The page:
The Yale Daily News Historical Archive was made possible by an anonymous gift from a Yale College alumnus. The Yale Daily News is the oldest college newspaper in the United States and remains a vital source of information on campus, as well as an important part of Yale’s intellectual and cultural heritage. The archive is available to the public free of charge through this website and in print at the Yale University Library. For more information about obtaining permission to use the archive, please visit the Yale Daily News Rights and Permissions site.
The Daily News is a daily American tabloid founded in 1919 by Joseph Medill Patterson as the Illustrated Daily News. It became the first US newspaper printed in tabloid format and reached its peak circulation in 1947 at 2.4 million copies per day. The paper has also been known as the New York Daily News and New York Times Daily. The Daily News is based in the New York City borough of Manhattan and maintains an office at 4 New York Plaza in Lower Manhattan.
Daily News is published by Tronc, Inc. The newspaper’s editorial staff consists of journalists, columnists, and opinion formers. Its reporters cover national and local news, and its writers and columnists often specialize in a particular subject area, such as sports, religion, or politics. The newspaper also contains comics, a section for classified ads, and a section with coverage of popular entertainment.
As the dominant newspaper in its market, the Daily News has been a leader in many innovations, including tabloidization, television, and radio. In the 1940s, it established what would become WPIX (Channel 11 in New York) with a call sign derived from its newspaper nickname; and bought what later became the FM station now called WFAN-FM.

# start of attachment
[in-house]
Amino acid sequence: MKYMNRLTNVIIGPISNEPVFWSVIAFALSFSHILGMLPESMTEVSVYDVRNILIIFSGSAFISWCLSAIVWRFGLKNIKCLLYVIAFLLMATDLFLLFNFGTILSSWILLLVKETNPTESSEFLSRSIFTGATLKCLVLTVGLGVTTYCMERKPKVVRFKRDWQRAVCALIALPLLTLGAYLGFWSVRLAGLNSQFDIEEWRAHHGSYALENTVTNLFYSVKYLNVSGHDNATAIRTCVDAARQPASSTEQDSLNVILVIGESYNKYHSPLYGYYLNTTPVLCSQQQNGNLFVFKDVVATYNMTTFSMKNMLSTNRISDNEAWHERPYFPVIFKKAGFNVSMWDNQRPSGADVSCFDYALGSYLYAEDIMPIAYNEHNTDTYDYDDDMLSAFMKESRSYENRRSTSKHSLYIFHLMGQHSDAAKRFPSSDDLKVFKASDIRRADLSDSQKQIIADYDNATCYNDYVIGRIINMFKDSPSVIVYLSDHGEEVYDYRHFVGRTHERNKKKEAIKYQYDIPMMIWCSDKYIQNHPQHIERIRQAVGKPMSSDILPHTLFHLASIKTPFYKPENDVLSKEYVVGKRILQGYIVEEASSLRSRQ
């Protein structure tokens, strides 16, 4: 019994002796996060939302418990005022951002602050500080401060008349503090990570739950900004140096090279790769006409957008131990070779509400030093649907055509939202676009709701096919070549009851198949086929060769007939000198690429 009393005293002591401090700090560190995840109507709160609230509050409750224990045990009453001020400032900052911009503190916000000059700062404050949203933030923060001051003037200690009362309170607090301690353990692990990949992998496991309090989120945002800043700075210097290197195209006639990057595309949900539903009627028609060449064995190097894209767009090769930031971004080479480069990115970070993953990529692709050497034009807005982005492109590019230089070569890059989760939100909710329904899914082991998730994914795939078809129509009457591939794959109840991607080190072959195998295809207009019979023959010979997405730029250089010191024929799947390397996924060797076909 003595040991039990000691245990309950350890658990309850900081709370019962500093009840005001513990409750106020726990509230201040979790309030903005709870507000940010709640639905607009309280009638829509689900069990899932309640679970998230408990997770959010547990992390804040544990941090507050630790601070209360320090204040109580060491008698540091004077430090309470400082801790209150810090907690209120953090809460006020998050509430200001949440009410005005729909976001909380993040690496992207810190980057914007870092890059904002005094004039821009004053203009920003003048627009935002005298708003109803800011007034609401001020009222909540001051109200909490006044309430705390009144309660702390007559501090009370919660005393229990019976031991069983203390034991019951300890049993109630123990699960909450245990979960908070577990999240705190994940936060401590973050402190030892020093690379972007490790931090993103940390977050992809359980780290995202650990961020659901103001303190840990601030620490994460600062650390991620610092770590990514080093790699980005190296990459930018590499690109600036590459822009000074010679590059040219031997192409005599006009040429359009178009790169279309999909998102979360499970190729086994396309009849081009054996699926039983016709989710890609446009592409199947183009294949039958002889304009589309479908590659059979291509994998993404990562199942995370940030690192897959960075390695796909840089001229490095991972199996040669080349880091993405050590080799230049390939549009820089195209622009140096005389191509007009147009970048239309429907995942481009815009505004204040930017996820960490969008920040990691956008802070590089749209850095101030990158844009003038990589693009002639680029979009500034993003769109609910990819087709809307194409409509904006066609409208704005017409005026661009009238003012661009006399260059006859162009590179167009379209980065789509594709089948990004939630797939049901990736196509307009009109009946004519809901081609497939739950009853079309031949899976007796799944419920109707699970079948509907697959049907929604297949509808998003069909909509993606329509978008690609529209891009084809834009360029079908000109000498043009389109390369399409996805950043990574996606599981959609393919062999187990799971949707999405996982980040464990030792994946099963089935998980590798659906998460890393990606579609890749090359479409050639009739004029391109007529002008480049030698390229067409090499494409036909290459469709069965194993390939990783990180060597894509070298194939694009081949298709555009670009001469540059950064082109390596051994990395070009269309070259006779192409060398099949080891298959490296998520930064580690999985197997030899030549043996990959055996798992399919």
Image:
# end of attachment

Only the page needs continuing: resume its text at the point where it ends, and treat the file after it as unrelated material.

It has been a major force in New York City politics, supporting the Democratic Party in a time when most other newspapers favored Republicans. The Daily News has also been a leader in investigative journalism, and won the Pulitzer Prize for Public Service in 1975 for its screamer headline, “Ford to City: Drop Dead.”
Circulation is a key measure of newspaper health. In the 1920s, when newspaper production was at its height, a typical daily newspaper in the United States had market penetration of about 123 percent—meaning that every household received one copy of the newspaper. This figure dropped to less than 50 percent by the early 2000s, and continues to decline.
In an effort to make its news more accessible, the newspaper changed from a broadsheet format to a compact edition in 2005. This version is referred to as the “smart tabloid,” because it features all of the content of a traditional broadsheet but is much smaller and easier to read. Its headlines are often more provocative and evocative than those of the standard edition, and its writers strive to engage and entertain readers with their stories. The newspaper’s main competitor is the New York Post, which has a much larger circulation than the Daily News.